The graphic above illustrates the historical 12-month subsequent market recovery (+15.4 to +43.6%) after market pull backs and low consumer sentiment.


Employment and Interest Rates
As we mentioned last quarter the era of rock-bottom interest rates may finally be ending. Many of you may remember when money market funds paid 8.0% and a good mortgage was anything under 10%. Those days are not coming back exactly, but we are in for a steep increase to slow demand and reduce inflation. The recent jobs report shows a booming labor market which will put further pressure on the Federal Reserve to tighten aggressively in the months ahead. The payroll job gains of 431,000 was slightly lower than consensus expectations of 490,000 but the March gain looks more impressive given upward revisions of 95,000 to the prior two months. The unemployment rate fell from 3.8% to 3.6%. This means unemployment is now lower than in all but 5 months of the last 52 years. Importantly, this means the unemployment rate is now just 0.1% above the Fed’s 3.5% forecast for both the end of 2022 and 2023. Average hourly earnings grew by 0.4%, in line with consensus expectations. However, with an upward revision to the February numbers, the year-over-year gain in average hourly earnings hit a recovery high of 5.6%. Labor force did rise by 418,000 in March. However, crucially this mostly reflects a 357,000 reduction in the number of people who said they were not looking for a job because of the pandemic. This suggests that higher wages are not pulling many extra workers back into the labor force and with a dwindling number of 874,000 who are still out of the labor market due to the pandemic, labor force growth may be mediocre in the months ahead. There are now a record 5.3 million more job openings than unemployed workers in America and this morning’s report suggests this imbalance is going to hang around, putting steady upward pressure on inflation. For investors, the clear implication is to get ready for an even more hawkish Fed and higher interest rates.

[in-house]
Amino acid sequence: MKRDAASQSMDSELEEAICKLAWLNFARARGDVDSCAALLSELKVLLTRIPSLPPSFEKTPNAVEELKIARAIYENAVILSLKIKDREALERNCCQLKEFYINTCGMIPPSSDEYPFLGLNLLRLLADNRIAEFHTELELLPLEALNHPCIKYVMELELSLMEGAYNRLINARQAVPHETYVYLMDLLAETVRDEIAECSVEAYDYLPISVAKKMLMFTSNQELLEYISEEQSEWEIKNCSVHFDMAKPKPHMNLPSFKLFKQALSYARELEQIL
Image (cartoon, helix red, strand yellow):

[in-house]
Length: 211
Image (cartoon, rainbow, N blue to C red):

COVID and COVID economic recovery indicators
Based on recent data through March 29,2022 there are 6 states with increasing COVID daily cases New York, New Jersey, Connecticut, Massachusetts, Rhode Island, and Illinois. China is 35 days into its Omicron surge and has shut down the entire city of Shanghai (26 million people). The number of hospitalizations and fatalities from COVID have fallen dramatically and we have now shown we can treat the virus effectively around the world. Things are not back to normal, but they are getting there as is illustrated in the “high-frequency data” chart below right. It illustrates credit/debit card transactions, hotel occupancy, restaurant diners, and TSA air travel numbers. The 0% line is the baseline pre-COVID average and you can see many of these categories are at or near their expected average rate.

Thank You
We want to sincerely thank you for your continued confidence in allowing us to serve you. It is especially important in times of volatility that we make sure your portfolio is aligned with your objectives. If you would like to schedule some time together, please give us a call.


Jay W. Branson CFP®, ChFC
4th Quarter Commentary 2021